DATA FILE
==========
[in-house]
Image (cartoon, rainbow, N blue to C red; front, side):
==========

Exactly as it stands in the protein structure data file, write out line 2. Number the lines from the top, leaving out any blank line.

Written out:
Image (cartoon, rainbow, N blue to C red; front, side):